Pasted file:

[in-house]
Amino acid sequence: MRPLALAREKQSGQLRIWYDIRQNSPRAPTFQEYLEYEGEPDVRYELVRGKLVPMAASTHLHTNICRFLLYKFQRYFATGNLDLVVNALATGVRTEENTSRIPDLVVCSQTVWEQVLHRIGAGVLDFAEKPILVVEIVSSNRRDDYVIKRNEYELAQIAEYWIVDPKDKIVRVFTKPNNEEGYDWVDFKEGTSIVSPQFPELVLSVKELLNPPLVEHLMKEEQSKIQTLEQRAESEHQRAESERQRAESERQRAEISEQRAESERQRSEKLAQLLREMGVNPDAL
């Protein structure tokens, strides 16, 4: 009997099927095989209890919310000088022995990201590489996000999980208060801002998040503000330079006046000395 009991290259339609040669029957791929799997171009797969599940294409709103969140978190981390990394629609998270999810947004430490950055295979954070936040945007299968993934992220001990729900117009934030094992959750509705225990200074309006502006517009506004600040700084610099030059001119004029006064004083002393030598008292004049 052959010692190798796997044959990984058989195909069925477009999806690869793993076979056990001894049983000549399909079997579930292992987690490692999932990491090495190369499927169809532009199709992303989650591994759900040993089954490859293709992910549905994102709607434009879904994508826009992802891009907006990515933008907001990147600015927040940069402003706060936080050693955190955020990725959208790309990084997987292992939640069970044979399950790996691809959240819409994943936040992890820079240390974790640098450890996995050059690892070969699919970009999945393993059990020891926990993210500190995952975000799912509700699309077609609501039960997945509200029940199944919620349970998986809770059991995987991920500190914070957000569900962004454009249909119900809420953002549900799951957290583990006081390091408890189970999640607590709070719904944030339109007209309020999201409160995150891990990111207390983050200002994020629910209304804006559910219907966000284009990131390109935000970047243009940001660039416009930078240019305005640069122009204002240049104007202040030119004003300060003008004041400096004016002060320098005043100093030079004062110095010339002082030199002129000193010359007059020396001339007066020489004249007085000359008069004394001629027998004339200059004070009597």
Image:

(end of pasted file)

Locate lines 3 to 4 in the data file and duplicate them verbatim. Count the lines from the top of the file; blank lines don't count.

């Protein structure tokens, strides 16, 4: 009997099927095989209890919310000088022995990201590489996000999980208060801002998040503000330079006046000395 009991290259339609040669029957791929799997171009797969599940294409709103969140978190981390990394629609998270999810947004430490950055295979954070936040945007299968993934992220001990729900117009934030094992959750509705225990200074309006502006517009506004600040700084610099030059001119004029006064004083002393030598008292004049 052959010692190798796997044959990984058989195909069925477009999806690869793993076979056990001894049983000549399909079997579930292992987690490692999932990491090495190369499927169809532009199709992303989650591994759900040993089954490859293709992910549905994102709607434009879904994508826009992802891009907006990515933008907001990147600015927040940069402003706060936080050693955190955020990725959208790309990084997987292992939640069970044979399950790996691809959240819409994943936040992890820079240390974790640098450890996995050059690892070969699919970009999945393993059990020891926990993210500190995952975000799912509700699309077609609501039960997945509200029940199944919620349970998986809770059991995987991920500190914070957000569900962004454009249909119900809420953002549900799951957290583990006081390091408890189970999640607590709070719904944030339109007209309020999201409160995150891990990111207390983050200002994020629910209304804006559910219907966000284009990131390109935000970047243009940001660039416009930078240019305005640069122009204002240049104007202040030119004003300060003008004041400096004016002060320098005043100093030079004062110095010339002082030199002129000193010359007059020396001339007066020489004249007085000359008069004394001629027998004339200059004070009597």
Image: